Story by Rei Fortes.
Social media live streaming has brought a new level of connection between sports fans and their favourite teams as COVID-19 halted several competitions since 2020. With a lack of traditional sporting broadcasts through over the top services (OTT) and limited access to fans, sporting organisations began live streaming through social media to keep fans engaged with their teams.
Various sporting leagues such as the Australian Football League (AFL), National Rugby League (NRL) and Netball Australia turned to using social live streaming services (SLSS) via Facebook Live and Instagram to allow real-time interactions between fans and their favourite athletes.
“In live streaming, you bring fans into this intimate niche environment and it has the potential to create a great engaging connection among fans and the follower base,” says Dr Ashleigh-Jane Thompson, Lecturer and Program Director at La Trobe University’s Business School.
Dr Thompson, in collaboration with Dr Sarah Wymer of Griffith University and Professor Andrew Martin from Massey University in New Zealand, conducted a study on sporting organisations’ use of SLSS to maintain engagement with the sporting community during the height of COVID-19.
The AFL was one of the primary sporting leagues that used SLSS to connect fans and athletes while everyone was in isolation. Greater Western Sydney Giants (GWS) Football club posted an IGTV video on Instagram showing athletes thanking fans for their continued support and resilience through the pandemic.
Several NFL teams also experimented with SLSS such as the Queensland Maroons taking a historical approach showcasing Facebook live streams with former players commentating on previous matches with their “Masters of the decade” series.
“There’s definitely that idea of creating a community connection. Even just fans being able to comment amongst each other when they’re watching the live stream is one of the key components of that social live streaming experience,” says Dr Thompson.
This trend of “athlete-focused” content became popular amongst sporting teams as athletes took control of their club’s official social media account, showing a more relatable side of themselves outside of a game.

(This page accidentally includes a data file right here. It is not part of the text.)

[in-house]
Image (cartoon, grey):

“Live streaming was one of the ways that a number of sporting organisations tried to emulate that social connection. It helps showcase athletes within a sporting environment as humans and have that personal side to it,” says Dr Thompson.
The research study also acknowledges that traditional broadcasting of sports via services such as Optus sports, Stan sports, ESPEN and Amazon Prime is still the primary way fans watch their favourite teams in action. Although, COVID-19 has provided an opportunity for sporting organisations to utilise SLSS via social media alongside match broadcasts.
“Once the traditional broadcast ends, we can take fans into the dressing room and see how teams are celebrating after a match or what happens in the lead-up to a game,” says Dr Thompson.
“Social media live streaming tends to be an ancillary product where you’ve got behind the scenes content, as opposed to game content itself.”
Dr Thompson believes that online streaming of sporting content using SLSS will become a more supplementary experience alongside traditional broadcasts as sporting organisations increase their use of social live streaming outside of games.
The study suggests that the next step for sporting organisations is to develop regulations on how to manage these social media live streaming events to determine what type of content teams and athletes are allowed to show.
“Sporting organisations must know the team, the context that they’re in and any risk management approach, anticipating risks that might come depending on the livestream situation,” says Dr Thompson.